Cidade experienced a major religious conversion on Saint Sebastian‘s Day (January 20) of 1537, while listening to a sermon by John of Ávila, a leading preacher of the day who was later to become his spiritual director and would encourage him in his quest to improve the life of the poor. At the age of 42, he had what was perceived at the time as an acute mental breakdown.

He is committed to mentally ill hospital

Moved by the sermon, he soon engaged in a public beating of himself, begging mercy and wildly repenting for his past life. He was incarcerated in the area of the Royal Hospital reserved for the mentally ill and received the treatment of the day, which was to be segregated, chained, flogged, and starved.  Cidade was visited by John of Avila, who advised him to be more actively involved in tending to the needs of others rather than in enduring personal hardships. John gained peace of heart, and shortly after left the hospital to begin work among the poor.

Around this time, he made a pilgrimage to the shrine of Our Lady of Guadalupe in Extremadura, where it is said he experienced a vision of Mary, who encouraged him to work with the poor.  Cidade expended all his energy in caring for the neediest people of the city. He established a house where he wisely tended to the needs of the sick poor, at first doing his own begging.  When John began to put into effect his dream, because of the stigma attached to mental illness, he found himself misunderstood and rejected.

St Raphael helps him

For some time he was alone in his charitable work, soliciting by night the needed medical supplies, and by day attending to the needs of his patients and the hospital; but he soon received the cooperation of charitable priests and physicians. Many stories are related of the heavenly guests who visited him during the early days of his immense tasks, which were lightened at times by the archangel St. Raphael in person. To put a stop to his custom of exchanging his cloak with any beggar he chanced to meet, Sebastian Ramirez, Bishop of Tui, had a religious habit made for him, which was later adopted in all its essentials as the religious garb of his followers, and the bishop imposed on him for all time the name given him by the Infant Jesus, John of God.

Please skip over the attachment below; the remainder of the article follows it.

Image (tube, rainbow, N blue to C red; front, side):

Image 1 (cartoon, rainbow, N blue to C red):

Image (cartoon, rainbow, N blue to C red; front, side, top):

Slowly John drew to himself a dedicated circle of disciples who felt called to join him in this service.. One mark of honour to his labours is that this Order has been officially entrusted with the medical care of the pope. When St. John of God died the successor of the Order was Pedro Soriano

John of God died on March 8, 1550, his 55th birthday, in Granada.

Additional information

Weight0.040 kg